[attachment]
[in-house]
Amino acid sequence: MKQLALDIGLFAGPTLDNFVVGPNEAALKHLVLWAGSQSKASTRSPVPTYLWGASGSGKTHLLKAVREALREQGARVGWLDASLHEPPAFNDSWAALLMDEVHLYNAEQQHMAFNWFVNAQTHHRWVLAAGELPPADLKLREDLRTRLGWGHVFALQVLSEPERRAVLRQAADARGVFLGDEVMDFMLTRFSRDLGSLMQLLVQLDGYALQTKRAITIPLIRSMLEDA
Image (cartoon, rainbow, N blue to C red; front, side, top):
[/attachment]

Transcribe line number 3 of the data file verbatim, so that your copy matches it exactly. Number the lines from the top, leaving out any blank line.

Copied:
Image (cartoon, rainbow, N blue to C red; front, side, top):